Francophone Film Fest adds weekend, two directors visit

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Photo of flier for the Francophone Film Festival.

The festival expands to two weekends in its 13th year.

KALAMAZOO—The Francophone Film Festival of Kalamazoo is celebrating its 13th year this month by adding a second weekend of viewing, offering seven rarely seen, feature-length films from across the globe, two of which will be presented by their award-winning directors.

The annual festival rolls out Friday through Sunday, March 21-23 and 28-30, in Western Michigan University's Little Theatre, where Quebec director, screenwriter and actress Anais Barbeau-Lavalette will present her film "Inch'allah" and Madagascar director and writer Haminiaina Ratovoarivony will present his creation "Malagasy Mankany" ("Legends of Madagascar"). All films are subtitled in English.

"We feature all movies from Francophone culture," says Marjorie Zippert, a WMU French instructor, who has helped put the past two festivals together. "The majority of our movies are from Africa and Quebec, with a few from France and Belgium."

Films will come from such French-speaking countries as Algeria, Congo, the French Caribbean Islands and Tunisia in addition to Belgium, Quebec, Madagascar and France.

Anais Barbeau-Lavalette

Barbeau-Lavalette is the daughter of documentary filmmaker Manon Barbeau and cinematographer Philippe Lavalette and the granddaughter of artist Marcel Barbeau. International audiences know her best for her award-winning "Inch'Allah," released in 2012. An outspoken human rights and international development activist, Barbeau-Lavalette was named artist of the year in 2012 by Les Artistes pour la paix, a Montreal-based organization honoring works of art involving themes of peace. "Inch'Allah" also was awarded the FIPRESCI Prize at the 2013 Berlin International Film Festival. Barbeau-Lavalette will present her film at 6:30 p.m. Friday, March 21.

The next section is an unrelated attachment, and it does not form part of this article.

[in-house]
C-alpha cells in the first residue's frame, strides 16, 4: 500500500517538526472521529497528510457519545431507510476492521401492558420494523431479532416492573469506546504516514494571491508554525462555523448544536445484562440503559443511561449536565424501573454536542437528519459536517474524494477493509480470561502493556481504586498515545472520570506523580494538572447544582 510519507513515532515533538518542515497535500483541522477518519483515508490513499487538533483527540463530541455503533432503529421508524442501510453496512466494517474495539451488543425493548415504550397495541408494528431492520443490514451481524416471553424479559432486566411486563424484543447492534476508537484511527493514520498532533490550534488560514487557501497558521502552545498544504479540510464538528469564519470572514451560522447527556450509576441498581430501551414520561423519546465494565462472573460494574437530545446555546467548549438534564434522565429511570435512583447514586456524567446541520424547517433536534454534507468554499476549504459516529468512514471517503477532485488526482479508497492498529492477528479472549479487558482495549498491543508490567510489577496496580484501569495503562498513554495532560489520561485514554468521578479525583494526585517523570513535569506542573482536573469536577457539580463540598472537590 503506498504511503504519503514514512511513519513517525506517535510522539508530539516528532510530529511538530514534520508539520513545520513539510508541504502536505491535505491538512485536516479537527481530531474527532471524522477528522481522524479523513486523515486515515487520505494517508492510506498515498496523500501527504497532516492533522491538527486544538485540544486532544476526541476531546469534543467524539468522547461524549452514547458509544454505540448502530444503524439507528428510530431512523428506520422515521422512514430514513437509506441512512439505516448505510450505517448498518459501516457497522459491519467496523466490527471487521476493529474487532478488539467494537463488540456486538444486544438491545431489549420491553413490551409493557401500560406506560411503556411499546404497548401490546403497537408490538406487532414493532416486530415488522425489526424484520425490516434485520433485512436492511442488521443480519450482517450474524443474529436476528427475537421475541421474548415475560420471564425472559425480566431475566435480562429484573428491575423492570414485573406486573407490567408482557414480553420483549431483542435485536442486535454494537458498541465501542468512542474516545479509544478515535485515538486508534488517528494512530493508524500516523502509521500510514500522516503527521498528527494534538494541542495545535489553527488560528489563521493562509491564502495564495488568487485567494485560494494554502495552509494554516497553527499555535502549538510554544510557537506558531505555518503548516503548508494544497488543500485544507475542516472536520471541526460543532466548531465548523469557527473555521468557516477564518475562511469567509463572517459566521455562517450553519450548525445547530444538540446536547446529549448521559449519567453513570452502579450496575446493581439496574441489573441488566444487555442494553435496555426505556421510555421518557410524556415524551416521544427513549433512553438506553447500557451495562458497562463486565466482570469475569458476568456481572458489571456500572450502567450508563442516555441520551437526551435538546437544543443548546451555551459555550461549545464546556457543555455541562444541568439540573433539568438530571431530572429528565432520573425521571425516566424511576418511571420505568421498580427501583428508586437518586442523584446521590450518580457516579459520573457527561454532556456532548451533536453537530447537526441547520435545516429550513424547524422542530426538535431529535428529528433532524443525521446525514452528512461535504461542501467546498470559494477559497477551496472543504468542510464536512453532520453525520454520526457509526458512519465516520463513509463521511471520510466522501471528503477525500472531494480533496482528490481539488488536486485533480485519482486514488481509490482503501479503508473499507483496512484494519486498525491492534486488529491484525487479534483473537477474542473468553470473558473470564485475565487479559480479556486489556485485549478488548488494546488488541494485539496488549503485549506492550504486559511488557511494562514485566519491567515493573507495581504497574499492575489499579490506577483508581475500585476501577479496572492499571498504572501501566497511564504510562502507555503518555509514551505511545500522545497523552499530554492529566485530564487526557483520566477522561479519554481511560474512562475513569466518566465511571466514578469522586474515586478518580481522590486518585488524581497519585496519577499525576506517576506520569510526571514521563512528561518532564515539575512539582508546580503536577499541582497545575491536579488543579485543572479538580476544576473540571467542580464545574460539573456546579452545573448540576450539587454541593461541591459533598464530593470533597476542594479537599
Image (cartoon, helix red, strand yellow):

Haminiaina Ratovoarivony

Ratovoarivony is gaining momentum as a director who struggles to revive the Malagasy cinema. His first film, "Legends of Madagascar," takes on numerous issues in contemporary Madagascar, including racial tensions between the native population and Indian immigrants, military corruption and the challenge to preserve indigenous traditions amid economic growth. He will present his film at 5 p.m. Sunday, March 30.

In addition to the seven feature-length films, audiences also will enjoy seven short films included in the festival's short film competition.

During the six-day-festival, audience members will have the opportunity to vote for their favorite film, adding an interactive element to the festival. By voting for their favorite entry on a card provided at the door, filmgoers will choose the winners of the Golden Kazoo Award—$500 presented to the director of the Best Short and Best Feature films.

For more information, including movie selections, screening schedule and admission prices, visit wmich.edu/fffkazoo.